Dear Canadian Dual Citizens: Go To School In Canada!
January 26, 2018
Canada is more popular than ever with international students.
Back in December of 2016, we touched on an important bit of information that many Canadian dual citizens may not have been aware of. Post secondary school in Canada remains significantly more affordable than south of the border. Having dual Canadian and American citizenship, through parentage or birth, allows for greater and more cost effective options with respect to post secondary education and offers an opportunity to live abroad and enjoy the benefits of the citizenship you enjoy through birthright.
Since then, Canadian schools have been gaining some increased international recognition. As per CNBC, The American Association of Collegiate Registrars and Admissions Officers surveyed over 250 American colleges and universities and found that 39 percent of Americans schools witnessed a decline in international applications in the last year. Meanwhile, Canadian schools are enjoying a dramatic increase in applications from abroad. Wilfrid Laurier University reported a 32 percent increase in international applications, McMaster University reported a 33 percent increase and the University of Toronto (Canada’s top-ranked and largest university) saw a 20% increase.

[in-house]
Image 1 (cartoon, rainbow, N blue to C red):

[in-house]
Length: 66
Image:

Traditionally, Canada hasn’t been a hugely popular university destination for Americans. In 2014, it drew about 9,000 students from the U.S., compared with 57,000 from China, according to the Canadian Bureau for International Education. Many in higher education are of the opinion that there is a perception change of the United States as hostile and unwelcoming to immigrants because of the rhetoric and popularity of President Trump.
“I think everybody in international education is a little uneasy, in part because some of the rhetoric in the campaign frightened people overseas,” – Stephen Dunnett, vice-provost for international education at the University at Buffalo.
Canadian universities are renowned for their research and innovation. Canada’s higher education institutions are diverse — varying in size, scope, character and breadth of programs. Canadian universities like the University of Toronto and McGill actually rank higher than some American Ivy League schools — The University of Toronto ranks 22nd on the Times Higher Education list for 2016-2017, placing it way ahead of Brown, which clocked in at 51st place, and close behind Cornell, which ranked 19th. High academic standards and thorough quality controls mean that students may gain a high-quality education that will benefit their careers over the long term. A Canadian degree, diploma or certificate is generally recognized as being equivalent to those obtained from the United States or Commonwealth countries. Also, full time students registered in a degree or diploma-granting course are allowed to work on the campus of the institution without a work permit, which offers an advantage of being able to manage finances more effectively.